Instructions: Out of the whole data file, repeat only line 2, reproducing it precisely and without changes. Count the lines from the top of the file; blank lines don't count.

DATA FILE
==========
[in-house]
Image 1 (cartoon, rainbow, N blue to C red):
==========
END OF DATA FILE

Image 1 (cartoon, rainbow, N blue to C red):